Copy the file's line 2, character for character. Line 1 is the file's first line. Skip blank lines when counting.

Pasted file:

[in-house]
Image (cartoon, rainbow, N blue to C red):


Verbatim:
Image (cartoon, rainbow, N blue to C red):